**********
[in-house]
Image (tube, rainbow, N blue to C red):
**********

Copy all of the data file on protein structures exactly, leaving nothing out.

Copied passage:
[in-house]
Image (tube, rainbow, N blue to C red):